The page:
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Massage Therapist

The Real Poop

Ooh, yeah. Yeah. Right there. That's the spot. 

Oh, you and your filthy minds. Massage has never been more popular in this country than it is today. That is what the stress of a recession will do for you (and an Internet economy—as most of the business world spends half their day hunched over a keyboard). People rely on massage therapists to ease their minds, relax their bodies, and soothe their souls. Therapeutic massage can be administered to clients with injuries or other health conditions, and prenatal massage can be offered to expecting mothers. There are roughly 80 types of different massages, many of which we will not mention here, as this is a family website.

You can achieve a real sense of accomplishment as a massage therapist—what greater feeling than to know you are making others feel better? (Okay, there's at least one better feeling, but again, this is a family website.) There are, of course, some downsides. It can be tough on your hands and feet. You will spend much of your day without having a chance to sit down, and carpal tunnel is a major career hazard but it may be well worth it to while away the hours in a relaxing work environment, relieving your clients' stress and discomfort. We just hope you enjoy Enya.

Being a massage therapist isn't for everybody. Good thing, too, because it would be awfully hard getting service in a restaurant or finding someone to do your taxes if it was. A massage therapist must be genuinely interested in their clients' well-being. You can't just put yourself on auto-pilot, poke and prod someone on your table at random for 45 minutes, and call it a day. You have to connect on an intimate level with each and every person who puts himself in your hands (literally). If you are truly engaged, you will notice when their body responds to you being too aggressive, and you will pick up on problem areas that need more focus.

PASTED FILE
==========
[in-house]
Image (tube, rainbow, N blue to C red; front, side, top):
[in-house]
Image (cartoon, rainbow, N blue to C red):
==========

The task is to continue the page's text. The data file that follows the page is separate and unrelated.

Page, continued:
Of course, if the idea of kneading away at perfect strangers—yes, even the fat, sweaty, ones with B.O.—grosses you out, there are other, similar options. Some people practice Reiki, a Buddhist healing technique that may involve light touching or no touching at all. There are many who believe in the practice; others get up in arms about it being a huge scam. They need to relax. Maybe they could use some Reiki. Alternatively, you could consider being an acupuncturist. Acupuncturists sometimes combine the practice of acupuncture with massage, but not necessarily. If you so desired, you could stick people full of needles all day and be done with it. However, you can't really use this as a way to get out your aggression or work out some frustration. Your client is not there to be turned into a human voodoo doll.

Massage therapists can start up their own business, or they may work for a medical facility, spa, or athletic organization. Where you work may determine the nature of the muscle groups you will be working on. For example, at a spa you may be focusing on working out knots and relieving stress from clients' neck, shoulders, back, and feet. If working for a football team, you may be spending a bulk of your time on calves, thighs, and biceps. If you own your own place, you can massage whatever muscle groups you choose, as long as you keep it legal.

Although you are working during the massages and don't get to enjoy all of the benefits of it yourself, you do get to work in a calm, soothing environment, with relaxing music, peaceful lighting, and pleasant aromas. When you're not massaging that guy with the B.O, anyway.